Everybody gets the gist of the Winter Olympics. Skiing, hockey, figure skating, various sled races—we're all familiar with the classics. But did you know that dogs once competed in the Winter Olympics? Have you heard of the sport that's a cross between hockey and soccer?
Over the decades, a handful of sports have come and gone from the Winter Olympics, usually after just one appearance in the games. In some cases, they were demonstration sports, meaning the results didn't count towards countries' final medal count. In other cases, they were legitimate attempts to expand the games' purview. Which one would you watch?
This is real. Skijoring is a real sport that many, many people still participate in. As shown above, it's an activity that involves strapping your feet to skis and your torso to dogs and then going as fast as you can. In fancier locales, horses may be used instead of dogs. You can also (obviously) use a snowmobile, though that would sort of take the sport out of it, wouldn't it?
Skijoring made only one appearance in the Olympics at the 1928 games in St. Moritz, Switzerland. Being one of the aforementioned fancier locales, the athletes were towed behind horses without riders, and for some reason, the race was held on a frozen lake, where there were no jumps. Switzerland swept the race, though it didn't really matter since it was just a demonstration event.
Bandy, the predecessor to hockey, is a lot like hockey. The main difference, though, are that bandy uses a ball instead of a puck and is played on an ice rink the size of a football pitch. That's a lot bigger than a standard hockey rink so there's an awful lot of skating involved.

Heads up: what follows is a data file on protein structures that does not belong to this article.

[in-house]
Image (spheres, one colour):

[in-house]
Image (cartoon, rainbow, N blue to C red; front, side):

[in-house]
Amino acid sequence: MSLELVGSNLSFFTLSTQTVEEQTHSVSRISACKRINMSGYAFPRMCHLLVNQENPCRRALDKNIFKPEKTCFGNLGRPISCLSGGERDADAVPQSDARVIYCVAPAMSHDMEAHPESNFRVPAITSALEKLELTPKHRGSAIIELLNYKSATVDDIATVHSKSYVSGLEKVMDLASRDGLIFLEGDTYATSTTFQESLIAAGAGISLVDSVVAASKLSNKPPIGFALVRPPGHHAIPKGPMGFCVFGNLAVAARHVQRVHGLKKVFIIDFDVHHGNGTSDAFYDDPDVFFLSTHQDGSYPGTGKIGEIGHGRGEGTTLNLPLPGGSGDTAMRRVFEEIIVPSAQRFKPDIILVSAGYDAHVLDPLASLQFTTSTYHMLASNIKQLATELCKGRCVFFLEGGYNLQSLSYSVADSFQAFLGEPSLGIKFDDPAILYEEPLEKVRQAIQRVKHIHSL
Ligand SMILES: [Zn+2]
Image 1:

The 1952 games in Oslo were the first and only Olympics to include bandy. Like skijoging, it was a demonstration sport, but the competition wasn't a very exciting. Only Sweden, Norway, and Finland sent teams; only three matches were played; and only 12 goals were scored. Having scored the most overall, Sweden won first place.
Hooray for dogs! Sled dog racing is exactly what it sounds like, and you're probably used to seeing the sport in the context of the Iditarod in Alaska. Where as those dogs run for days and cover over 1,000 miles, the Olympic sled dog racing demonstration was a much more humble affair.
Taking place at the 1932 games in Lake Placid, the single appearance of sled dog racing at the Olympics was a fleeting one. The event saw two races on a 25.1-mile course. Six dogs pulled each sled and times ranged from two to three-and-a-half hours. Only two countries participated: Canada and the United States. Canada won by less than two minutes.
Although its name sort of looks like broken English, ice stock sport is a truly popular activity in the Alps, where it is known as Eisstockschießen. If you've ever played boules or understand curling, ice stock sport will make immediate sense to you. (Or you should. Truth be told I've watched lots of curling and still have no idea what's going on.) Players basically slide ice stocks, metal contraptions that resemble Roombas wearing funny hats, as close as they can to a target. You also get play for distance.
The International Olympic Committee gave ice stock sport a couple of tries—once at the 1936 games in Garmish-Partenkirschen and once at the 1964 games in Innsbruck. It makes sense that these two appearances happened when the Olympics took place smack dab in the middle of ice stock sport country. Somehow it didn't manage to catch on either time.
Now this just sounds like an accident waiting to happen. As the name implies, speed skiing involves going really fast on skis—as fast as you can, in fact. It's not a timed race. The point is literally to clock the fastest speed while going down a hill. Don't try this at home.
The sole appearance of speed skiing in the Olympics came during the 1992 games in Albertville, France. A 31-year-old Frenchman took first with a top speed of 229.299 kilometres per hour. That's 142.48 miles per hour. On skis. Very unfortunately, one competitor from Switzerland died while free skiing the morning of the finals.